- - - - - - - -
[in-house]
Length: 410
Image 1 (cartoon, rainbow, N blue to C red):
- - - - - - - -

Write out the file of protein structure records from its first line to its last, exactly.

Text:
[in-house]
Length: 410
Image 1 (cartoon, rainbow, N blue to C red):